• Happy #NationalDogDay! To celebrate, here's a little something from our archives:
  • A Jewish couple was attacked on Monday night in New York City's Upper East Side. According to police, the attackers flew Palestinian flags.
  • "If the only thing viewers knew about the Jews was what they saw on The Simpsons they — and we — would be well served." What's your favorite Simpsons' moment?
  • "One uncle of mine said, 'I came to America after World War II and I hitchhiked.' And Robin said, 'I waited until there was a 747 and a kosher meal.'" Watch Billy Crystal's moving tribute to Robin Williams at last night's #Emmys:
  • "Americans are much more focused on the long term and on the end goal which is ending the violence, and peace. It’s a matter of zooming out rather than debating the day to day.”
  • "I feel great sorrow about the fact that you decided to return the honor and recognition that you so greatly deserve." Rivka Ben-Pazi, who got Dutchman Henk Zanoli recognized as a "Righteous Gentile," has written him an open letter.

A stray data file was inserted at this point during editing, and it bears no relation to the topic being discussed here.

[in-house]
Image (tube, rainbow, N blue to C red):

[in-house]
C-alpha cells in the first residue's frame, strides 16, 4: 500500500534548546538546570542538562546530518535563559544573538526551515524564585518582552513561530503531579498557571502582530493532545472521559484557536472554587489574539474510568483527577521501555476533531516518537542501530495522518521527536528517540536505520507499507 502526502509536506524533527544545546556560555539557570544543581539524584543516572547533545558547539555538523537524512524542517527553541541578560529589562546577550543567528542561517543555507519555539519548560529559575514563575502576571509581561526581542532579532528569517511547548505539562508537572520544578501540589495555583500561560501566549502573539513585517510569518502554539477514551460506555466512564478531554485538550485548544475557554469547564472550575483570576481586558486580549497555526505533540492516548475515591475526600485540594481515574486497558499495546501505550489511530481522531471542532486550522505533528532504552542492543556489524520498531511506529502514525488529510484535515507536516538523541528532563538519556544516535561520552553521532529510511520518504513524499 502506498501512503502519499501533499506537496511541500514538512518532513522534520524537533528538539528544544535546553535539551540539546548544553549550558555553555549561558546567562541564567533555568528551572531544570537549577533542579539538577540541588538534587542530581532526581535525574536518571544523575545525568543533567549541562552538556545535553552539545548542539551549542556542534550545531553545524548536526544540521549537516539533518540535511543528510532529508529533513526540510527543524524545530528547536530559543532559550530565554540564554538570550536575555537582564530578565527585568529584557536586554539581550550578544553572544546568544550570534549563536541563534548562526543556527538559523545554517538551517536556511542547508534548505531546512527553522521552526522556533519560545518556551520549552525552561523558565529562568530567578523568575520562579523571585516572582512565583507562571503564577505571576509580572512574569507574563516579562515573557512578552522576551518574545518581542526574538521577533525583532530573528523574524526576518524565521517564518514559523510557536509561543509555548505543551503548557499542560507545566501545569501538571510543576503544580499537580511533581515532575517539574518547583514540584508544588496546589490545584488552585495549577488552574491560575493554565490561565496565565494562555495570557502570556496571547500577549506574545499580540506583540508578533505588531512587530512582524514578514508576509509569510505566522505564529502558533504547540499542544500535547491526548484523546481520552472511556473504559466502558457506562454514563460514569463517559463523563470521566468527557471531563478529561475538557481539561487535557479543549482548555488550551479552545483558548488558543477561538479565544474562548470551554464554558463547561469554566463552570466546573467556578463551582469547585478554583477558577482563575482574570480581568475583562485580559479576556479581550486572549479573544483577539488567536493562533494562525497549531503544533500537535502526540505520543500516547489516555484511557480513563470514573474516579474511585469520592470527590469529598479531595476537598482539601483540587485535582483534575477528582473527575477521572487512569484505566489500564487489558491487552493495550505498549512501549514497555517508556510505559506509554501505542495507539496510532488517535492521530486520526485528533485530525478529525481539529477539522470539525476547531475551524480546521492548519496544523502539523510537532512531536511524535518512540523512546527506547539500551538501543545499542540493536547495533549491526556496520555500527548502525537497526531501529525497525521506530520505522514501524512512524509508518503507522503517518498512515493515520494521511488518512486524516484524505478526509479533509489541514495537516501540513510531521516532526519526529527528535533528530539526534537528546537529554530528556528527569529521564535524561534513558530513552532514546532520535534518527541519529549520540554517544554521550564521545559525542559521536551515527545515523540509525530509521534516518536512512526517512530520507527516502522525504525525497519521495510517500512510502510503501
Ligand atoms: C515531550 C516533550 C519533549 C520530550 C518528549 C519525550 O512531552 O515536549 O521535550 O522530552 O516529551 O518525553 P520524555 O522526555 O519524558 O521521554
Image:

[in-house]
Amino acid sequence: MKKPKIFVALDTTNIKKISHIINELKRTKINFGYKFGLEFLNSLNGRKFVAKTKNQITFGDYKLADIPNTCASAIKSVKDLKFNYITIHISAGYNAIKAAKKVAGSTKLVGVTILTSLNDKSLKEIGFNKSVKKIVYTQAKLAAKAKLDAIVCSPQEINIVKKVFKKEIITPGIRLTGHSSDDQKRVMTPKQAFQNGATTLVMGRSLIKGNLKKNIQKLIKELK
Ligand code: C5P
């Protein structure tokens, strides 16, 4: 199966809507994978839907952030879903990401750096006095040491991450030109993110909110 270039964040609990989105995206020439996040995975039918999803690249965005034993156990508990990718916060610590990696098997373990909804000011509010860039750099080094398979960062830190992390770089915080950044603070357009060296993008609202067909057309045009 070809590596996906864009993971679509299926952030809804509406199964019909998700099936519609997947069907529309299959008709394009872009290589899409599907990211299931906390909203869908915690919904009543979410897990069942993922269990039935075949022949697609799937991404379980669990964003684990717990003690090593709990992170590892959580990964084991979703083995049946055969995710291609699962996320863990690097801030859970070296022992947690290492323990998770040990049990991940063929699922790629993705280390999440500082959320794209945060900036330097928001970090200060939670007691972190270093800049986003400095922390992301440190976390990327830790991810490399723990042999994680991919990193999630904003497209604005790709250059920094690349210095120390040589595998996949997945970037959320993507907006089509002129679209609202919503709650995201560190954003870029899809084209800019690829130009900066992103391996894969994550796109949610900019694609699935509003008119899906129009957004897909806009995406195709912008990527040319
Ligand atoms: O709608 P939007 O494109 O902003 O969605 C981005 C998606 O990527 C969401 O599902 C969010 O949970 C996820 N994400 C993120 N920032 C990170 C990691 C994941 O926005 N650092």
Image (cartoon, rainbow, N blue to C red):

• Is there a right way to criticize Israel?
  • From The Daily Show to Lizzy Caplan, here's your Who's Jew guide to the 2014 #Emmys. Who are you rooting for?
  • “People at archives like Yad Vashem used to consider genealogists old ladies in tennis shoes. But they have been impressed with our work on indexing documents. Now they are lining up to work with us." This year's Jewish Genealogical Societies conference took place in Utah. We got a behind-the-scenes look:
  • What would Maimonides say about Warby Parker's buy-one, give-one charity model?
  • For 22 years, Seeds of Peace has fostered dialogue between Israeli and Palestinian teens in an idyllic camp. But with Israel at war in Gaza, this summer was different. http://jd.fo/p57AB
  • J.J. Goldberg doesn't usually respond to his critics. But this time, he just had to make an exception.
  • from-cache

Would you like to receive updates about new stories?




















We will not share your e-mail address or other personal information.

Already subscribed? Manage your subscription.